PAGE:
Schematic diagram of a duodenal-preserving resection of the head of the pancreas. A, The anterosuperior pancreaticoduodenal artery (ASPDA) is the only sacrificed pancreaticoduodenal artery. AIPDA indicates anterior inferior pancreaticoduodenal artery; CBD, common bile duct; GDA, gastroduodenal artery; GEA, gastroepiploic artery; and SMV, superior mesenteric vein. B, View after the total resection of the head of the pancreas, pancreatogastrostomy, T tube insertion, and pancreatic diversion were performed.
Schematic diagram of the pancreatic head resection with segmental duodenectomy. A, All pancreaticoduodenal arteries except the anterior inferior pancreaticoduodenal artery (AIPDA) were sacrificed with a resection of the second portion of the duodenum and the distal bile duct to prevent complications associated with ischemia of these organs. ASPDA indicates anterosuperior pancreaticoduodenal artery; CBD, common bile duct; GDA, gastroduodenal artery; PIPDA, posterior inferior pancreaticoduodenal artery; PSPDA, posterior superior pancreaticoduodenal artery; and SMV, superior mesenteric vein. B, View after the resection, a pancreatogastrostomy, an end-to-side choledochoduodenostomy with a T-tube stent, and an end-to-end duodenoduodenostomy were performed.
Ahn Y, Kim S, Park Y, Jang J, Yoon Y, Park Y. Duodenal-Preserving Resection of the Head of the Pancreas and Pancreatic Head Resection With Second-Portion Duodenectomy for Benign Lesions, Low-Grade Malignancies, and Early Carcinoma Involving the Periampullary Region. Arch Surg. 2003;138(2):162-168. doi:10.1001/archsurg.138.2.162
Duodenal-preserving resection of the head of the pancreas (DPRHP) and pancreas head resection with segmental duodenectomy (PHRSD) can be alternatives to standard pancreaticoduodenectomy for benign periampullary lesions.
Retrospective analysis of patients requiring surgery for benign and borderline malignant tumors of the periampullary region.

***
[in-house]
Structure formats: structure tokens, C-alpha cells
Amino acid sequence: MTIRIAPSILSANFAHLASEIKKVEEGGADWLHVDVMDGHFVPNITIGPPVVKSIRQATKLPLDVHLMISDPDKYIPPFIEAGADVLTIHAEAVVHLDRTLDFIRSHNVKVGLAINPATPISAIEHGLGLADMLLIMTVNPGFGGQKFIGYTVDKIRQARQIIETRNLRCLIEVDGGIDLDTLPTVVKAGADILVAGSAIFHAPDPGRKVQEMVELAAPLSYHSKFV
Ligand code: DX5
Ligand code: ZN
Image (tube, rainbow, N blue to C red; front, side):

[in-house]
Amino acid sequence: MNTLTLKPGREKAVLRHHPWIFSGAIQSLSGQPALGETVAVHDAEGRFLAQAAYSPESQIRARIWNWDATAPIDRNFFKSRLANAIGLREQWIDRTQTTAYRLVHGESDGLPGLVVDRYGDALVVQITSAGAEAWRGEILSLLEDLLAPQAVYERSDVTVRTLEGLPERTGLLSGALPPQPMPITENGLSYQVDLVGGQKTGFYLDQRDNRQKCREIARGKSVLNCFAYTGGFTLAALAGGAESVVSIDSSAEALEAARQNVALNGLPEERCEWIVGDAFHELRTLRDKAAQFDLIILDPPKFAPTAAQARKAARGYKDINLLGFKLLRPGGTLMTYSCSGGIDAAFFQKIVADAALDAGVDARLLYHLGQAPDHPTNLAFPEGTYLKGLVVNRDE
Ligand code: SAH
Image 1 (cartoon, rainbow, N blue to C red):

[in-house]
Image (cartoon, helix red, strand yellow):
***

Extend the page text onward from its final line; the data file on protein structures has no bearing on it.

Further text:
Tertiary care referral center.
Duodenal-preserving resection of the head of the pancreas (n = 8) and PHRSD (n = 7) were performed in 15 patients with a preoperative diagnosis of benign and borderline malignant tumors of the periampullary region (ie, 11 pancreas head lesions [2 intraductal papillary mucinous tumors, 4 serous cystadenomas, 2 insulinomas, 1 epidermal cyst, 1 metastatic renal cell carcinoma, 1 nonfunctioning islet cell tumor/parapaillary] and 4 duodenal lesions [3 adenomas and 1 adenocarcinoma]).
Main Outcome Measures
Surgical factors (operation time and blood loss), postoperative complication, postoperative pancreatic insufficiency (eg, development of diabetes mellitus and steatorrhea or elevated stool elastase values), weight change, and recurrence of disease.
No differences were noted in the mean operation time and estimated blood loss between the 2 procedures. Major postoperative complication constituted the following: bile duct stricture (n = 1) in DPRHP and delayed gastric emptying (n = 1) and postoperative bleeding (n = 1) in PHRSD. Newly developed diabetes mellitus occurred in 1 patient. Exocrine pancreatic insufficiency (steatorrhea) was observed in 1 patient after PHRSD. Patients with early duodenal carcinoma and intraductal papillary mucinous tumors with a borderline malignancy are still alive without evidence of recurrence. There was no hospital or long-term mortality.
Duodenal-preserving resection of the head of the pancreas is recommended first for a benign or low-grade, early malignant pancreatic head lesion; PHRSD can be an option for a lesion of the ampullary-parapapillary duodenal area as well as the pancreatic head. Duodenal-preserving resection of the head of the pancreas can be converted to PHRSD if ischemia of the second portion of the duodenum occurs. We found benign periampullary lesions could be conservatively treated with DPRHP and PHRSD, which could substitute for classic pancreaticoduodenectomy.